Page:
Older people could be forced into “inappropriate” home

Delayed discharge fines could force older people into
“inappropriate” accommodation that does not serve their
needs, according to public health academics, writes
Natasha Salari.

The rights of chronically sick and older people to choose their
own care home is likely to be undermined by the new system, which
came into effect this month, they warned.

Since October last year, ‘shadow fines’ operated as hospitals
notified social services departments of patients who may need
social care on discharge. Now the system has officially gone live,
social services departments will be charged £100 a day (or
£120 in London and the south east) if they fail to arrange
care packages for patients assessed as needing one within two days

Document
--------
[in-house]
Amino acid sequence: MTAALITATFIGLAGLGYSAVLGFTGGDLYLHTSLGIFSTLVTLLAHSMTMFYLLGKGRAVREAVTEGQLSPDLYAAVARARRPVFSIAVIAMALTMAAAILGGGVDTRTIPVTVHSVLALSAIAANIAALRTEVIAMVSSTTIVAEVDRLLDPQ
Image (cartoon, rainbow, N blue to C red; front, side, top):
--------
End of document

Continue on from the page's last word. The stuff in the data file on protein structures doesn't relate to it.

of notification.

Allyson Pollock and David Rowland, from the school of public
policy at University College London (UCL), have written an article
in the British Medical Journal warning of the dangers and pitfalls
in the Community Care (Delayed Discharge) Act.

Patients who exercise their right to choose account for eight
per cent of all delayed discharges. According to the researchers,
the new measures will make choice for older patients an obstacle to
the new system.

If their first choice of care home is not available, older
people may be offered an interim placement which could be a long
distance away from their family and local community.

The Registered Nursing Home Association has warned that the
continuing loss of beds in independent nursing homes is likely to
leave some councils finding it difficult to arrange patients’
discharge from hospital in time to avoid being fined.

Choice and responsiveness for older people in the “patient
centred” NHS by Allyson Pollock and David Rowland –
British Medical Journal

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